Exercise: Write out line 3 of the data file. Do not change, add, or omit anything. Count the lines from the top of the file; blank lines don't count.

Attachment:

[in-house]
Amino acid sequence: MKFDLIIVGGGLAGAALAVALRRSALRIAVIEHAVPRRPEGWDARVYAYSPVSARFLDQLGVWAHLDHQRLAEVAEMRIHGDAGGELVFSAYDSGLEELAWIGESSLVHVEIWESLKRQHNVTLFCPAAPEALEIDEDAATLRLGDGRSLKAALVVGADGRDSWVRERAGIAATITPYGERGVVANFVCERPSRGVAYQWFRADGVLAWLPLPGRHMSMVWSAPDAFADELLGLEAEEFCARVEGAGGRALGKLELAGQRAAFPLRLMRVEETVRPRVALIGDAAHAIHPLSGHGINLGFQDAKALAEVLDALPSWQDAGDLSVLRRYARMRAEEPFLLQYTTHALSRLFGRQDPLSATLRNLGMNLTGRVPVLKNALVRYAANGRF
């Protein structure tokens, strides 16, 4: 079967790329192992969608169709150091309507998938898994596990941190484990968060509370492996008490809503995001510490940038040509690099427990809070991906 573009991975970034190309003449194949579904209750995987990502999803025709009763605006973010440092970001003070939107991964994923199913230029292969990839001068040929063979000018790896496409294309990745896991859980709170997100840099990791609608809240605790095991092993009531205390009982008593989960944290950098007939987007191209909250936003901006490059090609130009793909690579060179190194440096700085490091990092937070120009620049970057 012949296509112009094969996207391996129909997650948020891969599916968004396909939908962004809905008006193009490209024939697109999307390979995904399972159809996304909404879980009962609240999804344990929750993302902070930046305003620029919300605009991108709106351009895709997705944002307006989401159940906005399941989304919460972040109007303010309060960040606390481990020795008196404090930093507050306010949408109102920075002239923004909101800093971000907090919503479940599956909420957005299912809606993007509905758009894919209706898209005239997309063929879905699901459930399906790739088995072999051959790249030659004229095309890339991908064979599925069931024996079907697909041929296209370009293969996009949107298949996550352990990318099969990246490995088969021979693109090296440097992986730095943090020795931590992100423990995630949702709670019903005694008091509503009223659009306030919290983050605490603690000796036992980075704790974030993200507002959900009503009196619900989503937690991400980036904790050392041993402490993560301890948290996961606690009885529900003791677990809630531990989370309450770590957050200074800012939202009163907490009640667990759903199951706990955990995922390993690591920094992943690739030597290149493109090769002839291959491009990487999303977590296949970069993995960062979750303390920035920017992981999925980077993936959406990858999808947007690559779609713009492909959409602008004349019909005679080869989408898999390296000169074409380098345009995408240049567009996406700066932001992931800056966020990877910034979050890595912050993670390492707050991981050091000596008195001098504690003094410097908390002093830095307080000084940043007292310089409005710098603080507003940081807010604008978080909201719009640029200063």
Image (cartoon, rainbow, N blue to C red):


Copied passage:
């Protein structure tokens, strides 16, 4: 079967790329192992969608169709150091309507998938898994596990941190484990968060509370492996008490809503995001510490940038040509690099427990809070991906 573009991975970034190309003449194949579904209750995987990502999803025709009763605006973010440092970001003070939107991964994923199913230029292969990839001068040929063979000018790896496409294309990745896991859980709170997100840099990791609608809240605790095991092993009531205390009982008593989960944290950098007939987007191209909250936003901006490059090609130009793909690579060179190194440096700085490091990092937070120009620049970057 012949296509112009094969996207391996129909997650948020891969599916968004396909939908962004809905008006193009490209024939697109999307390979995904399972159809996304909404879980009962609240999804344990929750993302902070930046305003620029919300605009991108709106351009895709997705944002307006989401159940906005399941989304919460972040109007303010309060960040606390481990020795008196404090930093507050306010949408109102920075002239923004909101800093971000907090919503479940599956909420957005299912809606993007509905758009894919209706898209005239997309063929879905699901459930399906790739088995072999051959790249030659004229095309890339991908064979599925069931024996079907697909041929296209370009293969996009949107298949996550352990990318099969990246490995088969021979693109090296440097992986730095943090020795931590992100423990995630949702709670019903005694008091509503009223659009306030919290983050605490603690000796036992980075704790974030993200507002959900009503009196619900989503937690991400980036904790050392041993402490993560301890948290996961606690009885529900003791677990809630531990989370309450770590957050200074800012939202009163907490009640667990759903199951706990955990995922390993690591920094992943690739030597290149493109090769002839291959491009990487999303977590296949970069993995960062979750303390920035920017992981999925980077993936959406990858999808947007690559779609713009492909959409602008004349019909005679080869989408898999390296000169074409380098345009995408240049567009996406700066932001992931800056966020990877910034979050890595912050993670390492707050991981050091000596008195001098504690003094410097908390002093830095307080000084940043007292310089409005710098603080507003940081807010604008978080909201719009640029200063």